Friday, April 22, 2011

Properties file troubles

I stumbled over a stupid properties file gotcha the other day trying to get a Spring META-INF/spring.schemas file working. Spring uses this file to translate an XML Schema schemaLocation into the name of a classpath resource. This allows Spring to load the schema directly from the classpath instead of downloading it from a remote server which might not be reachable from your deployment environment (e.g. because of firewalls). So for instance, suppose you have the following in your XML:
<beans xmlns=""
If you combine this with the following META-INF/spring.schemas file, Spring will load demo.xsd directly from the classpath without even trying to access
The key thing to notice in the properties file is the escaping backslash before the colon! This is necessary because a colon is a valid delimiter in a Java properties file:
public static void main(String[] args) throws IOException {
 StringReader propsIn = new StringReader("");
 Properties props = new Properties();

 for (String propName : props.stringPropertyNames()) {
  System.out.println(propName + " --> " + props.getProperty(propName));
  // prints: http --> //
Keep in mind that all colons need to be escaped! So don't forget the colon in front of the port number:

Thursday, April 7, 2011

Software and Mud

There seems to be a strange relationship between software and mud. Many will be familiar with the Big Ball of Mud architectural style and there are countless examples of code that resembles mud more than anything else.

A while ago a colleague of mine used an analogy between a software related problem he was facing and wading through mud (or as we say in Dutch: "door de moose ploegen"). I'm amazed at how poignant this analogy actually is. Think of a situation where the first thing you notice is that you have mud on the soles of your shoes. As you trot on you quickly end up knee deep in mud. At this point you can either back out and retreat to solid ground, or persevere, in which case you often end up stuck!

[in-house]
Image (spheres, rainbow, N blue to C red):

Of course you might also make it through, as John Carmack once noted:
Yes, you can make windows do anything you want to if you have enough time to beat on it, but you can come out of it feeling like you just walked through a sewer. [.plan]

Many software related situations come to mind that closely follow this story:
  • Merging exercises gone wrong
  • Refactoring plans that start simple but spiral out of control
  • Anything to do with character encoding
  • ...
Feel free to add this mud analogy to your software vocabulary!

(As an aside: some people can wade through mud more elegantly than others, as Kate Moss illustrates.)